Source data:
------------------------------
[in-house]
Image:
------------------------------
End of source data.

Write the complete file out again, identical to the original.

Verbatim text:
[in-house]
Image: